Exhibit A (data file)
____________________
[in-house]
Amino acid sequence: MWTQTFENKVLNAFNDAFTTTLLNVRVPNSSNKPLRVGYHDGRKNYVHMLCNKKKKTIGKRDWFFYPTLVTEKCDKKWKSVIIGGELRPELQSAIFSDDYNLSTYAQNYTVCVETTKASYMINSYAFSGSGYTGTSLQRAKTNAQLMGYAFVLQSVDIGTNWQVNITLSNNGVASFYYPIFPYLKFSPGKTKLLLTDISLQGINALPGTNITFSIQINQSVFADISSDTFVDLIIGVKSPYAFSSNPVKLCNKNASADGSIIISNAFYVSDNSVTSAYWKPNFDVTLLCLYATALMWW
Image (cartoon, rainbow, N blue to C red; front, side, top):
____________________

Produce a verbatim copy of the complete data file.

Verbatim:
[in-house]
Amino acid sequence: MWTQTFENKVLNAFNDAFTTTLLNVRVPNSSNKPLRVGYHDGRKNYVHMLCNKKKKTIGKRDWFFYPTLVTEKCDKKWKSVIIGGELRPELQSAIFSDDYNLSTYAQNYTVCVETTKASYMINSYAFSGSGYTGTSLQRAKTNAQLMGYAFVLQSVDIGTNWQVNITLSNNGVASFYYPIFPYLKFSPGKTKLLLTDISLQGINALPGTNITFSIQINQSVFADISSDTFVDLIIGVKSPYAFSSNPVKLCNKNASADGSIIISNAFYVSDNSVTSAYWKPNFDVTLLCLYATALMWW
Image (cartoon, rainbow, N blue to C red; front, side, top):